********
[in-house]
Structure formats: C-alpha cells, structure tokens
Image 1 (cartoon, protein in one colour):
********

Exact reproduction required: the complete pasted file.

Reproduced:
[in-house]
Structure formats: C-alpha cells, structure tokens
Image 1 (cartoon, protein in one colour):